The credit-powered global economy is running out of fuel and will eventually stall out if economic and monetary policies don’t change, according to legendary bond fund manager Bill Gross.
“This expansion appears to be reaching an ending of sorts, at least in its current form,” writes Gross about the global economy. “The ever expanding supply of available credit has facilitated economic prosperity much like the sun has been the supply center for energy/food and life’s sustenance,” writes Gross. But now “finance itself is burning out like our future sun.”
In his latest economic outlook for Janus Capital Group, where he manages the Janus Global Unconstrained Bond Fund (JUCTX), Gross laments the explosion of credit in the global economy – including a 58-fold increase in the U.S. since the early 1970s. And, as he’s done before, Gross blames the quantitative easing policies of central banks and negative interest rates for the credit explosion and slowdown of the global economy.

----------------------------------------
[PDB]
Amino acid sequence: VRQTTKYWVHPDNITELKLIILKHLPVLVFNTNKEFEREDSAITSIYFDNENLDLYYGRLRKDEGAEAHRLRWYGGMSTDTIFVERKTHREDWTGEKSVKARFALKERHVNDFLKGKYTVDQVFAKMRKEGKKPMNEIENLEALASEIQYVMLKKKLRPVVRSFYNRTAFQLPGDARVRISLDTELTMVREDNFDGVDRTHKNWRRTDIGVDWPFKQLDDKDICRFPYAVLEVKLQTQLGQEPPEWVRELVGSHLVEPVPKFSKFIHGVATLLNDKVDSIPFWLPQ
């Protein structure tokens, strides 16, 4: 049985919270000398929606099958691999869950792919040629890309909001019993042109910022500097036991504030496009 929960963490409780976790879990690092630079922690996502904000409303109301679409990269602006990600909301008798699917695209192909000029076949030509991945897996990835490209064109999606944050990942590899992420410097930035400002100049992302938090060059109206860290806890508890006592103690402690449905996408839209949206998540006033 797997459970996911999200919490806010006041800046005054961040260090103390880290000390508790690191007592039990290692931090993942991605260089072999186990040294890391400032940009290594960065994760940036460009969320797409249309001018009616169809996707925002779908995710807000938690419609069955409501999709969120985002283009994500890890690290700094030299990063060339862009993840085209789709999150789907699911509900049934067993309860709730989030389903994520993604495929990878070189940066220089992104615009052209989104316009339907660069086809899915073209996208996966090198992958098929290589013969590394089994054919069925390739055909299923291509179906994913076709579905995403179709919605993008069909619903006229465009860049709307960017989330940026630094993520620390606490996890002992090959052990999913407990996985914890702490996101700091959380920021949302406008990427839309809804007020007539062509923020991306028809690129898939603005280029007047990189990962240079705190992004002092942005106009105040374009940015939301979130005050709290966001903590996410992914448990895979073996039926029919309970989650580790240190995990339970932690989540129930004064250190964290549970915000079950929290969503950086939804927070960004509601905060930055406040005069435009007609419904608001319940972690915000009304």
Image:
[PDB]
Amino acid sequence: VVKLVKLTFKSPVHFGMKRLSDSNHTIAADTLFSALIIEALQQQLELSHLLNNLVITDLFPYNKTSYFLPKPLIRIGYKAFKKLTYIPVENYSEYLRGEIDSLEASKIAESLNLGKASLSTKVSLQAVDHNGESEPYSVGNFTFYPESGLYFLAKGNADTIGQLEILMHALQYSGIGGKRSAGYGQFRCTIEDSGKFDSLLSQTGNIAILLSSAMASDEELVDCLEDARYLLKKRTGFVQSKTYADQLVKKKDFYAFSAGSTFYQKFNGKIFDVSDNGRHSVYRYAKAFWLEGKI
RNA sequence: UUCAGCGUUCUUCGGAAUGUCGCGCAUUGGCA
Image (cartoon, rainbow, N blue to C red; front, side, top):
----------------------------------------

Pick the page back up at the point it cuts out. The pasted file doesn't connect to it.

“With quantitative easing and negative interest rates, the concept of nurturing credit seems to have morphed into something destructive as opposed to growth enhancing,” writes Gross. “Our global, credit-based economic system appears to be in the process of devolving from a production-oriented model to one which recycles finance for the benefit of financiers.”
Not benefiting from the those policies are the households that can’t save enough to pay for college, retirement or medical bills; insurance companies that have trouble covering claims because they can’t earn enough returns on bond and stock portfolios; and pension funds, which similarly can’t earn enough to cover their liabilities, writes Gross. But he singles out the banking sector — the sector that employs some of those financiers – as among the most damaged because their “profit margins are threatened as the yield curve flattens and net interest rate margins narrow.”
The yield curve measures the difference between short- and long-term rates, and the net interest rate margin is the spread between the rate a bank charges on loans and the rate it pays out in deposits. Both limit the rate that banks can charge on loans, which hurts their profit margins and, in turn, bank stocks.